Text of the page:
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BusinessDay: War machines will decide who lives and who dies

By Johan Steyn, 2 November 2021

In the past 10 years, digital and artificial intelligence (AI) technologies have made significant progress. It has an effect on a variety of industries, including healthcare, finance, travel and employment. Military and law enforcement organisations are increasing their efforts in AI research & development.

Once activated and deployed, fully autonomous weapons systems are capable of detecting and attacking human targets. Gunpowder and nuclear weapons were the first two revolutionary forces in combat; lethal autonomous weapons systems (LAWS) are often considered the third.

LAWS have yet to be defined in a way that everyone agrees on. In 2017, at the UN “Convention on the Prohibition or Restrictions on the Use of Certain Conventional Weapons that may be Excessively Injurious or Have Indiscriminate Effects”, the first governmental expert group on LAWS was established.

The rush to develop military weapons has infused technological innovation. As a significant factor in the battlefield of the near future, AI is quickly establishing itself as a worldwide arsenal of choice and self-driving weapons systems have grown in popularity in recent years.

Semi-autonomous weapons are already extensively used, which rely on automation for some components of their system to communicate with a human to approve strike decisions. However, a fully autonomous weapons system can be placed anywhere and respond to changes in the environment and execute attacks without military personnel involvement.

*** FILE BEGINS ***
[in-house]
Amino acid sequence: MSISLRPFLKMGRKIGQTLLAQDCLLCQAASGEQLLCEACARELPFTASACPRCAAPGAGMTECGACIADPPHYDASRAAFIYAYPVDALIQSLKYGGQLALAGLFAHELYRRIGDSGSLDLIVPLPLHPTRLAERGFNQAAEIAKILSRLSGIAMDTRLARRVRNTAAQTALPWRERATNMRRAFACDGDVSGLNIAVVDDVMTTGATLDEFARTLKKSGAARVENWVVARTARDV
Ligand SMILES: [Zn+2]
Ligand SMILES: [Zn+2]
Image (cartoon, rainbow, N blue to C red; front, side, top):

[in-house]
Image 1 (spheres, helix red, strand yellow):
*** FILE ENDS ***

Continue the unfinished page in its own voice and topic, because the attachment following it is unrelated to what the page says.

An intelligent machine that is capable of performing any projected warfare task without the involvement or intervention of humans — using only the interaction of embedded sensors, computer programming, and algorithms with the surrounding environment — is fast becoming a reality that cannot be ignored.

What happens if malware or data manipulation is introduced into the system as a result of its reliance on machine learning? When it comes to security, it’s difficult to overlook the reality that connected devices increase the likelihood of cyberattacks executed by foreign governments or terrorist groups. If AI goes to war with itself, cybersecurity implications will pose significant threats to humanity’s long-term survival.

The militarisation of AI is unavoidable as governments bolster their efforts to gain a competitive advantage in science and technology. Building autonomous weapons systems is one thing, but using them in algorithmic combat against other nations or individual targets is quite another. It is important to think about what the future of war would look like.

There is little doubt that autonomous weapons systems will be around for a long time to come. The question is whether AI will be the driving force and determine our strategy for human survival and security in the future.

It creates challenging security considerations for decisionmakers in every country, as well as for the rest of humanity. The ethical, political and legal debate will be centred on the decision to use force and take a human life autonomously.

Some may argue that human soldiers make mistakes due to fatigue, confusion or unclear instructions. We do not always hit what we aim for. AI weapons will almost always hit their targets but are vulnerable to bias and software quality issues.

Robots will undoubtedly form part of the future armed forces with increasing involvement in deciding who to kill or who to spare. We cannot assume that algorithms will execute their decisions with altruism in mind.

• Steyn is the chair of the special interest group on artificial intelligence and robotics with the Institute of Information Technology Professionals of SA. He writes in his personal capacity.


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